Complete Story
 

2012 Election Recap

By Bricker & Eckler LLP

The Ohio AgriBusiness Association is sharing a 2012 election night recap courtesy of OABA member Bricker & Eckler LLP.

Ohio was again at the center of national politics this year in one of the most costly and closest presidential race in recent history. President Barack Obama won Ohio and clinched a second term. In addition, the U.S. Senate remained in Democratic hands, in part because of incumbent Sherrod Brown’s victory in the Buckeye State. The U.S. House of Representatives got “redder” as Republicans added to their numbers in the chamber. Finally, the Ohio Statehouse looks substantially the same as Republicans maintained control of both the House and Senate.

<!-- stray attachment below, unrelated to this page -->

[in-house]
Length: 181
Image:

This Election Night Bulletin is a brief recap of the major state and national races that will shape the future of Ohio for many years to come. Perhaps most importantly, the state and congressional lines will remain the same after the defeat of “Issue 2,” a plan to modify the apportionment process supported primarily by left-leaning groups failed by a 2-1 margin.

Below is a brief description of some highly contentious and closely watched races around Ohio. Please note that all reported results are “unofficial” and subject to change based on the review of the Ohio Secretary of State.

 

President

No state was more closely watched, or more frequently visited by candidates than Ohio this cycle. Both presidential contenders knew that no candidate has won the presidency without Ohio since Kennedy in 1960 and no Republican has ever won without the Buckeye State. Accordingly since April, 2012, President Obama and Democratic groups spent approximately $62 Million in Ohio on political advertising. Governor Romney and his supporters spent close to $65 million in the state during the same period.*